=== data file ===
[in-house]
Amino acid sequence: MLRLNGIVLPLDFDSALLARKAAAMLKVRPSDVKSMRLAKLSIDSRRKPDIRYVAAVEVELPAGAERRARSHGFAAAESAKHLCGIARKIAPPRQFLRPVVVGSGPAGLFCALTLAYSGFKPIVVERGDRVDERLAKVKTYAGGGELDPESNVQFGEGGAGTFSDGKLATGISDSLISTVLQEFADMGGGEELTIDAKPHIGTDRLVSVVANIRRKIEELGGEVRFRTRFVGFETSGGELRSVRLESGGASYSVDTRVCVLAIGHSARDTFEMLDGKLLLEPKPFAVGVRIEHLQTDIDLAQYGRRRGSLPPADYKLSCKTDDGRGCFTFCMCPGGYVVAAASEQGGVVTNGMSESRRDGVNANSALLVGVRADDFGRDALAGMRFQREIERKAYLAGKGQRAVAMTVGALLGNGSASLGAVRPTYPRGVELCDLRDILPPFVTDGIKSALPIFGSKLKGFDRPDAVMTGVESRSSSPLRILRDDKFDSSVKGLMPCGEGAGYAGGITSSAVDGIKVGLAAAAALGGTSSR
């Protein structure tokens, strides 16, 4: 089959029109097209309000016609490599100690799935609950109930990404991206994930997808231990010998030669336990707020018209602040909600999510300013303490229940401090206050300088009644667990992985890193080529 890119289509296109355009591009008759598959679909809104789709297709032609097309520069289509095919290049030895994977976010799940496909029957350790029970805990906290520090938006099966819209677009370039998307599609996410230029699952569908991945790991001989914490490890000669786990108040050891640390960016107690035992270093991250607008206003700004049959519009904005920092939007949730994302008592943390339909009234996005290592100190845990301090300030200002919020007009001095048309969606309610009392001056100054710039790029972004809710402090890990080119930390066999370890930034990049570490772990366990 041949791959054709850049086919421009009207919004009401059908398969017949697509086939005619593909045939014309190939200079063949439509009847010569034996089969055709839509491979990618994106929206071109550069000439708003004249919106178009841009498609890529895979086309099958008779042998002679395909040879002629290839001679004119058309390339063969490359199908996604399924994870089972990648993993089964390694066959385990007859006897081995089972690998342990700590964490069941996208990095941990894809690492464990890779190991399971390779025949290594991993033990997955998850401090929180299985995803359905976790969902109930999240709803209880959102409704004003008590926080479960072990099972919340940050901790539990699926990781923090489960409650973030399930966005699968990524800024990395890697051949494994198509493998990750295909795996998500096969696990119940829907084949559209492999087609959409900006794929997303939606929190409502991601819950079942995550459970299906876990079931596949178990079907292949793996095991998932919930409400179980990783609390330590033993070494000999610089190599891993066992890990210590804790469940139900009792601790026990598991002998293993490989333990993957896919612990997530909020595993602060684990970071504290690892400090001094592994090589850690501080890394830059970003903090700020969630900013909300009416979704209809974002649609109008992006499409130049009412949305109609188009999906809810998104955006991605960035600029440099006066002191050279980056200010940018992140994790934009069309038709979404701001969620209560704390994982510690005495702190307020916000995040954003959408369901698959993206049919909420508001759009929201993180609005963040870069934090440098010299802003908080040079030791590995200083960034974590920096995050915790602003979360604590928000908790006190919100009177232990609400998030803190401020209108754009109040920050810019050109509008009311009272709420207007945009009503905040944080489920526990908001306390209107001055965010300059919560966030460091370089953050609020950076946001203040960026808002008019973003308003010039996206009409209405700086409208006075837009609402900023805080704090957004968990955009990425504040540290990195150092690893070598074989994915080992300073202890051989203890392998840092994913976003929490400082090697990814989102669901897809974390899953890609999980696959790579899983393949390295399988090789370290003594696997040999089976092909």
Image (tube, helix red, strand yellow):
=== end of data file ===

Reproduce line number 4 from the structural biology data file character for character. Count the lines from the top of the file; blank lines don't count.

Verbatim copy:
Image (tube, helix red, strand yellow):